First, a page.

Operational Integration in Health Care versus Mass Production
Peer reviewed, Journal article
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Original versionQuality, Innovation, Prosperity. 2016, 20 (1), 1-17. 10.12776/QIP.V20I1.658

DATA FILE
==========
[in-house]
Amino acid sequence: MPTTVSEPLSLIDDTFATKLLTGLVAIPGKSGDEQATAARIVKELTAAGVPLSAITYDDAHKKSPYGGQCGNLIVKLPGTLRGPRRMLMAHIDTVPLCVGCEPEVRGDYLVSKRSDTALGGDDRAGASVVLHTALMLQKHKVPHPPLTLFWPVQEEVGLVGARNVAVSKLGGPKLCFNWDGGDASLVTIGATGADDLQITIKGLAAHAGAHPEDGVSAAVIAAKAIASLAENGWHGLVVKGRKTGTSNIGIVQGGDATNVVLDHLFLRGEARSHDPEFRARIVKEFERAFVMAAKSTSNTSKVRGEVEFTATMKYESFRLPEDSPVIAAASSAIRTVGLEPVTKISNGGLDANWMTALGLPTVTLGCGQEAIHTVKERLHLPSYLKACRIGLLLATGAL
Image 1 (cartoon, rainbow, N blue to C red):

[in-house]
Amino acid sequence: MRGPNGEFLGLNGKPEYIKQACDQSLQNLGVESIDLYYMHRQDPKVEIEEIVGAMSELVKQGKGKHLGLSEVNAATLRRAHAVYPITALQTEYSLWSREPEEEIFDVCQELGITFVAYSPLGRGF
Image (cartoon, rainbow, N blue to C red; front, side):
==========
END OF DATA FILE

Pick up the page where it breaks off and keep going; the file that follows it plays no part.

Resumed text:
Operational integration has been studied by several authors. However, still there are many research questions to be raised. Two value chains have been studied within two different sectors: the health sector and the car component industry (mass producer). The research methodology is based on semi-structured interviews with selected persons from different levels within the organizations. The data was transcribed, coded and further analyzed to find enablers or disablers to operational integration in both sectors. From this study, factors such as management commitment, colocation, and job-rotation can be seen as contributing factors in both organizations. Both experience disablers such as working as functional silos and little alignment of overall goals. Differences are seen in the greater use of job rotation within health care, while the mass producer had more mechanisms to facilitate working in cross functional teams. Practical implication: This paper presents empirical findings of success factors and pitfalls for operational integration within the value chain of two different types of organizations. Based on this mapping, recommendations on how to achieve better operational integration will be presented. The research initiative provides knowledge experiences from operational integration in two different Norwegian organizations representing two different sectors.